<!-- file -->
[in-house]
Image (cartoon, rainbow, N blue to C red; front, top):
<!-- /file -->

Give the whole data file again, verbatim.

[in-house]
Image (cartoon, rainbow, N blue to C red; front, top):